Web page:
Date of Completion


Embargo Period



SIMD, SIMT, chemical kinetics, reactive-flow, analytical Jacobian

Major Advisor

Chih-jen Sung

Associate Advisor

Baki Cetegen

Associate Advisor

Tianfeng Lu

Associate Advisor

Bryan Weber

Associate Advisor

Xinyu Zhao

Field of Study

Mechanical Engineering


Doctor of Philosophy

Open Access

Open Access


This work details efforts to reduce the cost of using detailed chemical kinetic modeling in realistic reactive-flow simulations, utilizing analytical Jacobian evaluation and vectorized-computing on the central processing unit (CPU), graphics processing unit (GPU) and other hardware-accelerators.

The first part of this thesis investigated GPU-based ordinary differential equation (ODE) methods for stiff chemical kinetics. A fifth-order implicit Runge--Kutta method and two fourth-order exponential integration methods were implemented for the GPU and paired with the analytical chemical kinetic Jacobian software pyJac. The performance of each algorithm was compared with a commonly used CPU-based implicit integrator CVODEs. The implicit Runge--Kutta method running on a single Tesla C2075 GPU was equivalent to CVODEs running on 12-38 CPU cores for integration of hydrogen and methane kinetic models using a smaller global integration time-step, however the performance of the GPU-solver degraded at a larger time-steps due to thread divergence and higher memory traffic.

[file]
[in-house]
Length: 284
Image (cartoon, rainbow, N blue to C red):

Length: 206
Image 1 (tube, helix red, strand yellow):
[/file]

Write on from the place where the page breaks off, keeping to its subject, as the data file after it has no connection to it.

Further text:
The second part of this work investigated the performance of vectorized evaluation of constant-pressure/volume thermochemical source-term and sparse/dense chemical kinetic Jacobians using single-instruction, multiple-data (SIMD) and single-instruction, multiple thread (SIMT) paradigms; the developed codes were additionally incorporated into pyJac. A new formulation of the chemical kinetic governing equations was derived and verified, resulting in greatly increased Jacobian sparsities. Significant speedups were found for shallow-vectorized OpenCL source-rate evaluation as compared with a parallel OpenMP code, increasing for sparse and dense chemical kinetic Jacobian evaluation. Further, the developed work was shown to be orders of magnitude faster than a simple first-order finite-difference Jacobian approach.

Finally, several CPU-vectorized linearly-implicit Rosenbrock solvers were adapted for use with pyJac, and validated against CVODEs. The open-source computational fluid dynamics code OpenFOAM was extended to utilize the vectorized solvers, and the eddy dissipation concept combustion model was adapted for their use. The OpenFOAM-coupled vectorized solver was validated over a range of zero-dimensional homogeneous ignition problem against Cantera, before its performance and precision were compared to built-in OpenFOAM solvers for a case modeling the Sandia Flame D; a speedup of 12-15x was found for the vectorized solver.